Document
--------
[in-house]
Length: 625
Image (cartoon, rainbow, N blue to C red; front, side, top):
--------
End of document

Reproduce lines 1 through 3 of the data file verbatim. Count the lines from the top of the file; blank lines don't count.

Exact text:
[in-house]
Length: 625
Image (cartoon, rainbow, N blue to C red; front, side, top):